Most interesting was the appearance of the Lady of the Lake, played by Jennifer Rider-Shaw, in a slinky, sexy watery blue costume. She was probably seven months pregnant. I’ve not seen that on stage before, especially in the fem fatale. Let’s hear it for inclusion! She was spot-on in the role.

In our short bit of free time, we discovered an excellent restaurant in Stratford called Bijou.
No poutine (French fries, cheese curds and brown gravy) here! Excellent cuisine. Thanks to my Business Channel buddy, Dan, for the lead. Like many Torontonians, Dan is a Stratford Theatre Member and takes the handy one-hour bus ride to and from home.

Norah kindly said that she is enthused about attending next year, but in Spring or Fall. I agree.

The American Players Theater Festival (APT) in Spring Green, WI

Closer to home is the American Players Theater Festival (APT) in Spring Green, WI. Just four hours north of Chicago (allowing for a potty stop and shopping at Carr Valley Cheese in Mazomanie). We stayed at House on the Rock Resort where we were joined by four family members.

This is a perfect place for a small reunion. Spacious accommodations, swimming, tennis, golf, and the theater just minutes away. The restaurant in the resort, 400 Springs is open! A first for me. And the food is fine and reasonable. Most portions serve two. Just as it should in Wisconsin.

The Royale

Our first play was The Royale by Marco Ramirez. Based on the life story of black championship heavy weight boxer, Jack Johnson. The time is 1910 when Johnson beat the reigning white champion in The Fight of the Century.

Like Wedding Band, the plot draws on the endemic fear in black/white engagement, especially in a violent sport like boxing. We’re rooting for Jack to win, but if he wins, the rabid white losers will wreak havoc among the blacks. Eye opening. Beautifully staged and acted. A play that should be performed more. The Royale should qualify on two counts of diversity, Hispanic playwriter and black ensemble.

Merry Wives of Windsor

Merry Wives of Windsor added to our joyous summer of Shakespeare. When his comedies are interpreted by great comic actors, the result is over-the-top fun for the audience. There is not a moment when we were not entertained.

The only drawback was the afternoon performance in the outdoor Hilltop Theater, with heat about 90 degrees. Falstaff, padded out with a fat suit and dressed in layers of woolen clothing, downed frequent tankards of water. Kudos to the performers who never missed a beat.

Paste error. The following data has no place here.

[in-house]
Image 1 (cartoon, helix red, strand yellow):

Anton’s Shorts: Brief Plays & Vaudevilles

Anton’s Shorts: Brief Plays & Vaudevilles by the Young Anton Chekhov, freely adapted by Aaron Posner also played in the Hilltop Theater, but on a much cooler evening. We were spellbound by the excellence of the vignettes, linked by narration from young writer Chekhov. It’s such a joy to experience the versatility of the APT group as the Falstaff from last night appears as mournful lover tonight.

Once Upon a Bridge

This was the U.S. premier of Once Upon a Bridge by Sonya Kelly. Three people are involved in an incident on Putney Bridge in London: an aspiring new lawyer on her way to a job interview, a bus driver who is a West Indies immigrant with wife and family, and a fast-rising man from the City out for his morning jog.

They are brought together for an instant when the jogger bumps into the lawyer, throwing her into the path of the bus, which swerves to just miss her. Told in linked soliloquies, we learn their stories and the impact of the incident on each.

Beautiful theater, without a line of dialogue. You will likely see it locally because it’s first rate and inexpensive to produce.

APT’s season runs through October 8. You won’t be disappointed with the theater or Wisconsin’s fall colors.

Let’s Have a Conversation:

Which theater festival are you planning to attend this fall? Have you mapped out your journey and the plays you’d like to see?

Notify of

This site uses Akismet to reduce spam. Learn how your comment data is processed.

Inline Feedbacks
View all comments

Stratford is our get away during the summer. Women of the fur trade was good, Spamalot was good wicked. Rent was a bit young for us. We also went to the Shaw theatre at Niagara on the lake to see Gypsy- smaller intimate theatre makes for a nice Sunday out. High tea at the Princess of Wales hotel was a treat.

Ann Boland

Thanks for the tip about the Shaw Theatre and the Princess of Wales. SIL, Norah, is a sucker for high tea, so we may scoot down there for a visit.


I’m a big supporter of the Chicago arts. I plan on being in Wisconsin at the end of the month for a talk on an historical event. All of the arts are so important and vital to support.

Ann Boland

Thanks for your comment. AB

The Author

Ann Boland is committed to Chicago theater, opera, and arts. Involved as a theatre-goer since the early 80s, she’s witnessed firsthand the rise of Chicago's theater scene, its exceptional local talent, and the vigor of each new generation. To support her good and bad habits, Ann handles public relations for authors and the arts.

You Might Also Like